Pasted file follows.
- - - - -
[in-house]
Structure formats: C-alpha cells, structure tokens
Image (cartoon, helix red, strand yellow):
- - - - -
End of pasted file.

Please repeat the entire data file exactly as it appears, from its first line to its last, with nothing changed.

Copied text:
[in-house]
Structure formats: C-alpha cells, structure tokens
Image (cartoon, helix red, strand yellow):